Multi-managerOct 8 2014

Fund Selector: What could go wrong?

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The S&P 500 index managed to break into new territory by exceeding 2,000 for the very first time during the summer.

Investors in the US stockmarket received a total return of 32.4 per cent in 2013, with 2014 providing another near 10 per cent return from the beginning of the year to the end of August.

Clearly investors are being well rewarded for their continued faith in the US stockmarket, so what is it they continue to find so attractive about US equities?

The macroeconomic performance of the US continues to improve, and is well ahead of where most commentators had assumed it would be at the beginning of the year.

Employment and wages data are improving to the point that the Federal Reserve has remained steadfast in its path towards removing quantitative easing and are hinting about raising interest rates.

While the economic improvement is welcome, it is rare that markets power ahead when policymakers begin ‘removing the punchbowl’.

An alternative explanation could be improving profitability – after all, this is what shareholders are hoping for when they invest.

Factset’s Earnings Insight Report shows that 74 per cent of companies issuing earnings guidance for Q3 2014 have given negative reviews, in effect warning analysts that profits will not be as good as expected.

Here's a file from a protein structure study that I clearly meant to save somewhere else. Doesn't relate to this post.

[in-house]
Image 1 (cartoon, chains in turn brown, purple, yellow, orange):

The same report goes on to state that the forward price-to-earnings ratio is 15.6x, which is above the 10-year average of 14.1x. This is a market that looks pretty expensive, with a lacklustre shorter term profits outlook – hardly a combination to get investors excited. Someone must be buying, though, as the S&P 500 has made more than 20 new all-time highs year to date.

One particularly interesting piece of research we have come across was by Albert Edwards at Société Générale, who highlighted the impact of share buybacks on S&P 500 returns in Global Strategy.

The Economist has also carried an article about buybacks, which in 2013 reached $500bn (£308.1bn), almost exceeding the peak set in 2007. But why is this happening now?

We hear from many investors the refrain that companies are highly cash-generative and are being managed cautiously. An outcome of this is that companies are avoiding investment opportunities they feel are too risky and instead use their cashflow to buy their own shares.

The Albert Edwards article highlights it is not just cashflow that is being used, but additional debt is also being raised to fund even higher levels of share buybacks.